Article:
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They claim to have killed 400 Iranian soldiers in hit-and-run operations. Teheran's Shia government has accused the US of supporting the Sunni group and is trying to persuade President Pervez Musharraf of Pakistan to intercede on behalf of the eight hostages.
But the Jundallah deny any link with either the US or the Pakistani government. Although they hold out little hope of their 16 members being freed, they hardly appear to care. "If they hang all the 16 of our colleagues, we do not mind because we know they would be martyrs and will go straight to heaven," said Hameed.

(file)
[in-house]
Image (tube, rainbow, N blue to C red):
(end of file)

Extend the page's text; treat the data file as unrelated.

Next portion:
Zubaydah also confirms that bin Laden "approved of contacts and funding" for Jund Allah, a militant Islamic group in northern Iraq which battled the two anti-Saddam Kurdish factions. Jund Allah merged with Ansar al Islam in 2001.
There's little question that U.S. intelligence has done a poor job of investigating links between the former Iraqi regime and al Qaeda. And there's little question that the Bush administration has been too cautious about telling the American public what it has learned about these links.
The U.S. media are strangely incurious about all this. Several officials have expressed surprise that journalists rarely ask about the links. "It's basically you, Jeff Goldberg [from the New Yorker magazine], and Maria Ressa [CNN's Jakarta bureau chief]," one told me.